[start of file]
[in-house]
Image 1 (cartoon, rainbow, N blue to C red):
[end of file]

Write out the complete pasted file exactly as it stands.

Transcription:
[in-house]
Image 1 (cartoon, rainbow, N blue to C red):